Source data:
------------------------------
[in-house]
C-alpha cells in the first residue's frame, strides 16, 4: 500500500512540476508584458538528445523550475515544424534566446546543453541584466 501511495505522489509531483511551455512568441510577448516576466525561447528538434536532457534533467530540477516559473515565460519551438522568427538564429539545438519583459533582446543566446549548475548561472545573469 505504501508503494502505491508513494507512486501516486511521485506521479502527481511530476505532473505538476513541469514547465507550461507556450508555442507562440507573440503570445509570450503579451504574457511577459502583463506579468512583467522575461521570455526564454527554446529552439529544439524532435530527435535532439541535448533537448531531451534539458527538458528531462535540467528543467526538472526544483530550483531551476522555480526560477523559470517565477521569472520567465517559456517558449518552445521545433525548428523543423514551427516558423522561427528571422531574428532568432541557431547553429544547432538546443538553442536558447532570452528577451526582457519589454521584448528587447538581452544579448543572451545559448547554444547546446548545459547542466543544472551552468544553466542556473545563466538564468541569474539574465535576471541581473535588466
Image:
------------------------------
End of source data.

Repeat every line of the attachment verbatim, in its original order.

[in-house]
C-alpha cells in the first residue's frame, strides 16, 4: 500500500512540476508584458538528445523550475515544424534566446546543453541584466 501511495505522489509531483511551455512568441510577448516576466525561447528538434536532457534533467530540477516559473515565460519551438522568427538564429539545438519583459533582446543566446549548475548561472545573469 505504501508503494502505491508513494507512486501516486511521485506521479502527481511530476505532473505538476513541469514547465507550461507556450508555442507562440507573440503570445509570450503579451504574457511577459502583463506579468512583467522575461521570455526564454527554446529552439529544439524532435530527435535532439541535448533537448531531451534539458527538458528531462535540467528543467526538472526544483530550483531551476522555480526560477523559470517565477521569472520567465517559456517558449518552445521545433525548428523543423514551427516558423522561427528571422531574428532568432541557431547553429544547432538546443538553442536558447532570452528577451526582457519589454521584448528587447538581452544579448543572451545559448547554444547546446548545459547542466543544472551552468544553466542556473545563466538564468541569474539574465535576471541581473535588466
Image: